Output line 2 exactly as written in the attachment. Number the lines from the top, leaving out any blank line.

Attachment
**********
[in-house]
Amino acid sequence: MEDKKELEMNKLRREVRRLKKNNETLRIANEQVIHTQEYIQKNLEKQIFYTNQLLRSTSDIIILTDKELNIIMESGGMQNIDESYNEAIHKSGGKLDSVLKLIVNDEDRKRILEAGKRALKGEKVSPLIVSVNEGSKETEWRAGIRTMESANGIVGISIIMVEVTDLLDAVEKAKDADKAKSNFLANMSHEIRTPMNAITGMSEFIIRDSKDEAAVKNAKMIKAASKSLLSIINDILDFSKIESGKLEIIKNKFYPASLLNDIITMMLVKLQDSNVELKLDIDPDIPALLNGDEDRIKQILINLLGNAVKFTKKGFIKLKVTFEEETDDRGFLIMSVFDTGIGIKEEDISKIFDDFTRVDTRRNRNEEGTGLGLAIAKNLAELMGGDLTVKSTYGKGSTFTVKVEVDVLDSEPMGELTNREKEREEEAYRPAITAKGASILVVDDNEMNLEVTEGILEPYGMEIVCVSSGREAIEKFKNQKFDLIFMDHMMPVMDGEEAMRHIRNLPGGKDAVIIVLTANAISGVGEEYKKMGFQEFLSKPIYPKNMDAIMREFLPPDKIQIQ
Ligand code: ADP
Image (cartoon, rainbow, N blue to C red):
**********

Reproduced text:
Amino acid sequence: MEDKKELEMNKLRREVRRLKKNNETLRIANEQVIHTQEYIQKNLEKQIFYTNQLLRSTSDIIILTDKELNIIMESGGMQNIDESYNEAIHKSGGKLDSVLKLIVNDEDRKRILEAGKRALKGEKVSPLIVSVNEGSKETEWRAGIRTMESANGIVGISIIMVEVTDLLDAVEKAKDADKAKSNFLANMSHEIRTPMNAITGMSEFIIRDSKDEAAVKNAKMIKAASKSLLSIINDILDFSKIESGKLEIIKNKFYPASLLNDIITMMLVKLQDSNVELKLDIDPDIPALLNGDEDRIKQILINLLGNAVKFTKKGFIKLKVTFEEETDDRGFLIMSVFDTGIGIKEEDISKIFDDFTRVDTRRNRNEEGTGLGLAIAKNLAELMGGDLTVKSTYGKGSTFTVKVEVDVLDSEPMGELTNREKEREEEAYRPAITAKGASILVVDDNEMNLEVTEGILEPYGMEIVCVSSGREAIEKFKNQKFDLIFMDHMMPVMDGEEAMRHIRNLPGGKDAVIIVLTANAISGVGEEYKKMGFQEFLSKPIYPKNMDAIMREFLPPDKIQIQ